Support young children with letter recognition by surrounding them with a print-rich environment. Books, poems, name tags, labels, and posters will help them to become familiar with letters. Seize opportunities to point out letters, like the ones found in their name.
To help children learn to identify the letter “p,” consider displaying alphabet posters or providing them with their own alphabet chart to refer to. Involve them in sorting activities using magnetic letters or tiles. Allow them to experiment with letter stamps, make the letter “p” using playdough, and go on a letter hunt to find as many “p’s” as they can.
When teaching children how to print the lowercase and uppercase “p,” an important distinction to point out is how the lowercase “p” is a short letter with a “tail,” and the uppercase “P” is a tall letter. Use a verbal pathway to teach them the motions needed to make each letter. For both the lowercase and uppercase, “p,” use the phrase, “ Pull down, up, and around.” Model how to print each letter correctly as you say the phrase. Provide children with opportunities to trace the letters before having them practice independently.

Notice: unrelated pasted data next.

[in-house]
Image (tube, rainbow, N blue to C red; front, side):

In addition to traditional pencil and paper activities, children can use tools such as fingerpaints, chalk, whiteboard markers, and sand or salt trays to practice printing. They can also use juggling scarves to practice the motions needed to form the letter “p.”
Have children relate the sound the letter “p” makes to familiar objects that begin with its sound. For example, they can associate “p” with pigs, pears, and pandas. Have them fill a block letter “p” with pictures or drawings of these items. They can reference their block letter when they’re trying to recall the sound.
Children can also make their own alphabet books to help them learn letter sounds. Complete a page each time a new letter is learned. In addition to including the correct formation for the lowercase and uppercase “p,” add pictures that begin with the letter.
For additional practice learning the letter “p,” have children complete activities to match the letter to items like pandas, pots, and peas. They can also color pictures of words that begin with “p.” (e.g., Color the pirate. Do not color the fish.)